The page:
At one time or another in our lives, and probably multiple time in our lives, I think this happens to us all. That very scary feeling of being a fake. A poser. A wannabe. As a photographer, this struggle comes frequently when I become a comparer instead of an admirer of other photographers’ art . When I look at my contemporaries’ images and I start the internal comparison. Is my work as good as theirs? Do I really have what it takes to create a successful business? If I am “lucky” enough to create it, can I sustain a successful business? And on and on and on . . . to debilitating doubt.
At one point, I clearly knew the answer was (and still is), yes. I have what it takes. I work at my craft to provide images that I want to be emotional, connected and most important to me, heirlooms. I obviously knew at one point that my work has value. That’s why I have a photography business. That’s why I have a business license, business insurance, membership, education, a website and all the accouterments that go with being a business owner. I believed enough in my ability as a photographer to step out into the world and say, “I am a photographer”. I am glamour photographer. I am a lifestyle photographer. I am a fine art school portrait photographer. So, where, in the face of comparison, did that assured knowledge go?
It got buried under an avalanche of unfair, imbalanced, critical self-assessments. Let’s face it, most often, when the comparison game starts we are instant losers. Rarely is someone more critical of us than we are of our own selves. Who knows us better? Who knows our greatest desires and biggest inadequacies more so than we do. The whole mental comparison conversation which wage in our heads is simply out of balance. Before it debilitates us any more, we need to find our way back to center. For me that starts with a huge helping of Grace (and a lovely note from my adult son encouraging me to continue being fearless in sharing my art. Thank you, Leo. Mommy loves you!)
God made us to be individual. He made us to have talents that are uniquely our own. So, yes, I am a photographer. And definitely there are thousands of photographers in the world. Yet, that does not take away from what is uniquely my gift and ability with photography. If I am feeling lacking, that feeling is first and foremost in me. I am lacking value in the gift that is mine. I am lacking gratitude in the blessing bestowed upon me. That’s why I have to rely on God’s grace. When we allow ourselves to lose focus and gratitude on what is clearly before us; it can be daunting to dig out and find our footing again in truth.
God’s grace lets me remember that I am here with a purpose and a reason. I can bury that under the guise of inadequacy, self-doubt and fear. I can also choose to recognize that I am, in all facets of my life, on a journey. A journey of enriching growth and development. Everyone lives has zeniths and nadirs and if we are lucky, we mostly travel somewhere in the middle. So of course, there are times when we will feel less than authentic in efforts. So what! Another’s high should not push me low. It should not send me scrabbling for the mask of perfection. Another photographer’s evoking image doesn’t mean that my work is hud. Comparison leaves room for only one winner, but admiration paves the way for many.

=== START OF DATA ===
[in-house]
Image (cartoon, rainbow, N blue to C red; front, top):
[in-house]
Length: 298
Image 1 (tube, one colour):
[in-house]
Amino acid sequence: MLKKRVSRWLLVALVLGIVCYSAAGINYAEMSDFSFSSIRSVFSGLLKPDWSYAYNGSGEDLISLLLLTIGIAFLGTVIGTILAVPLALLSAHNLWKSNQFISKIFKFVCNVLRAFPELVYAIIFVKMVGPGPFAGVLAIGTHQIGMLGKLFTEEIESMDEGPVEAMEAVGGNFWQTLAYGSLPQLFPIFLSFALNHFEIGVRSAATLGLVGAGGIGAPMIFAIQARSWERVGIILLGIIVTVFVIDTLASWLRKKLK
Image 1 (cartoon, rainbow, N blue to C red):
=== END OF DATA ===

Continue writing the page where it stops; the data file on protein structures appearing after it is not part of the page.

In the spirit of community over competition, I can celebrate the work of my contemporaries. I can be an admirer of their gifts and talents without being envious and feeling like I fall short in my own craft. I love the work I do. I feel so blessed to be a photographer and soapmaker and a mom and a sister and a daughter of God. Having so much complexity in our lives can make us a feel like we wear a masks. But being varied multi-talented individuals filled with nuances is who we are made to be. Dressing up and being glam one day does not make us an imposter because normally we are jeans and t-shirt girl. Having a cluttered, messy home does not make the neat freak inside of us any less valid or real.
I am learning that I don’t have to feel inferior when I serve my children cereal for dinner. Sometimes, no matter how mom-a-rific I am, the perfectly balanced dinner does not get done. I don’t have to be apologetic about needing to move TWO piles of laundry over so you have a place to sit on the furniture. Hopefully, if you come to my home you realize that it is a home and lots of people live here. And I don’t need to be apologetic about the style of my art. I know it doesn’t resonate with everyone and I don’t need it to. But for those whom it touches, I am here to serve you. There is a reason that I attract clients who like to collaborate, celebrate, play and enjoy. Clients who want to stretch themselves and see different facets of their wholly human, imperfect but still valuable lives.
At times, we all feel like impostors regarding some facet of our lives. We can huddle in the dark hugging that lie to us or we can remove the mask and set our spirits free. We can give ourselves permission to be dynamic and diverse. Remember that like a diamond, being multi-faceted allows us to sparkle and shine in many colors of life. Set down the felling of being an impostor. Give yourself permission to be Real.
In what ways does the feeling of being an impostor intrude on your life? What are your tools to bring yourself back to balance and realize that you are no fake in your art, craft or in simply living your life? Please share for the benefit of yourself and others.